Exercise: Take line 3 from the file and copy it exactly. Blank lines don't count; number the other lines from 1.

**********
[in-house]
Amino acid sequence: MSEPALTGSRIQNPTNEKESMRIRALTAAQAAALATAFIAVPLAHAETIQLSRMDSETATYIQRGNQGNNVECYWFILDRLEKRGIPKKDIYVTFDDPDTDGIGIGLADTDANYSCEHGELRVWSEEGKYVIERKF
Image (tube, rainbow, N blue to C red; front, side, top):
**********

Image (tube, rainbow, N blue to C red; front, side, top):